Sunday, September 21, 2008

Jesus is Punk Rock

Sermon given at Trinity Reformed UCC September 21, 2008

Mark 4:30–32

I came up with this idea that “Jesus is punk rock” on a recent trip to the Upper Peninsula of Michigan.

Kate and I recently went on vacation with her parents. It was her father's 45th high school reunion and we wanted to see where he grew up in the lonely but beautiful section of the country known as the Upper Peninsula of Michigan. By the way he holds a grudge that your Philadelphia Eagles, beat Vince Lombardi’s Green Bay Packers in the NFL championship game of 1960. On the ride up we listened to the songs of the class of 1963, Doo-Wop, Folk, and, what Bob Seger called that old time rock and roll. As I was listening I wondered how rock music of that era could ever be considered subversive. It seemed so lame.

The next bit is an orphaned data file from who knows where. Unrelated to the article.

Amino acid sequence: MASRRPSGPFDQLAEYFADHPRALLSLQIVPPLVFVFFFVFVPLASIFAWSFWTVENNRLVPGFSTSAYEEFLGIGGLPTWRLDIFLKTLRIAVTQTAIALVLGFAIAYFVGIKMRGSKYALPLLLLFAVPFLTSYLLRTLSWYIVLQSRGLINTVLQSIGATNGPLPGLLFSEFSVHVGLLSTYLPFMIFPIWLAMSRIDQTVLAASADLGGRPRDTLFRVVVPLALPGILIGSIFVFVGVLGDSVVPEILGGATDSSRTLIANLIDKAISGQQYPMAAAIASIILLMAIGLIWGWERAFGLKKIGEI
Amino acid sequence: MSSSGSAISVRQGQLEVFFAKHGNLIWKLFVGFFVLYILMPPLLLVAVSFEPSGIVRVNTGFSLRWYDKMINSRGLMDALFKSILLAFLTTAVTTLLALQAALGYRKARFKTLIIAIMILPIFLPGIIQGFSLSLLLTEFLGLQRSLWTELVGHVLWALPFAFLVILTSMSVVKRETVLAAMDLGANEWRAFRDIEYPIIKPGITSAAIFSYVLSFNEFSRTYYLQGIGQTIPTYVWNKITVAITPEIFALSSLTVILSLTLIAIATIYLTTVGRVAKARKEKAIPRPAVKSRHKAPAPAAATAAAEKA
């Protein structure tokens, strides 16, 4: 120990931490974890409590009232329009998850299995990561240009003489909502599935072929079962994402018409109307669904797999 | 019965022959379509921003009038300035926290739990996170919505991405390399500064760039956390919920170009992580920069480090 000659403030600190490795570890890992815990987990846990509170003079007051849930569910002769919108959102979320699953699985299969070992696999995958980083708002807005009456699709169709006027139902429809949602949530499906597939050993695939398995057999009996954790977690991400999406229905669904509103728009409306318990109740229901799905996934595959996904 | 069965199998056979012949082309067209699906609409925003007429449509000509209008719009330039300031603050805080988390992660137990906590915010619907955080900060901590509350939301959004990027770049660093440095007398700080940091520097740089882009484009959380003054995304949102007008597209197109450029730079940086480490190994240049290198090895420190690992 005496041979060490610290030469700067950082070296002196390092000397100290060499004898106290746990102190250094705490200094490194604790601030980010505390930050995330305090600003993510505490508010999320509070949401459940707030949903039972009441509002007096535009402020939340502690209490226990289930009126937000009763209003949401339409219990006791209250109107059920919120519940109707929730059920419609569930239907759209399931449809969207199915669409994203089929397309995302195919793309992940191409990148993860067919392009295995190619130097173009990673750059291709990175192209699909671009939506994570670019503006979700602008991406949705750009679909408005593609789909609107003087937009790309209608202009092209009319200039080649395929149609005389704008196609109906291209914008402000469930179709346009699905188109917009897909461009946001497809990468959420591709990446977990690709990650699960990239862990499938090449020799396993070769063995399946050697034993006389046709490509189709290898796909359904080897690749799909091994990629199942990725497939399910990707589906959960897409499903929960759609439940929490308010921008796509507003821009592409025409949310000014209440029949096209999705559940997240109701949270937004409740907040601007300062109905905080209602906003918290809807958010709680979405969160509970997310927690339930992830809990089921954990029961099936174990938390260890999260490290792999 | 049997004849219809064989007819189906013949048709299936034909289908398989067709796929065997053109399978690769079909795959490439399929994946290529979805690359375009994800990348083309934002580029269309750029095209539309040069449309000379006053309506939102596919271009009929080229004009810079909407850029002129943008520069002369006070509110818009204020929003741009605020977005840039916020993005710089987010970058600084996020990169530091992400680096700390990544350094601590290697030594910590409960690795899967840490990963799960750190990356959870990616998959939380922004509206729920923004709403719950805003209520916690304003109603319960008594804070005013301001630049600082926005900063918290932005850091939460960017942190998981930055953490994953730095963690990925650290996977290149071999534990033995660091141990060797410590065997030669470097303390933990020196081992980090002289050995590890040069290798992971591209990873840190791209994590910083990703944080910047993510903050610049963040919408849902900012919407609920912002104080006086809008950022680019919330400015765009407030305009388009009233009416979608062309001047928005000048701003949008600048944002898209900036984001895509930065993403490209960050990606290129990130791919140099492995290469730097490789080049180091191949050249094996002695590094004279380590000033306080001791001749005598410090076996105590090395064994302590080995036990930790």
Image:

Growing up, I was always puzzled at the music documentaries that showed how rock was hated and feared by the majority of Americans when it first came out. People at the time thought “How could anyone think that ‘You ain’t nothing but a Hound Dog’ was music compared to big band music from the Glen Miller Orchestra? And with those offensive and suggestive hip gyrations!” But from my perspective, I wondered how could Elvis or Buddy Holly be bad when I was listening to AC DC and Black Sabbath?! I recognize now that I'm puzzled because rock and roll is common place. When you turn on the radio today, nearly every station is rock and even our country music is starting to sound like twangy- rock. Then I realized that the same thing happened to Jesus’ teachings--what was once subversive and dangerous has become common place and no one gives it a second thought. This is what happens when the revolution becomes the new established order. We are largely blind to the revolution that is Jesus of Nazareth.